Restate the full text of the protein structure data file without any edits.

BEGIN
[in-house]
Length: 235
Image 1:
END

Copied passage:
[in-house]
Length: 235
Image 1: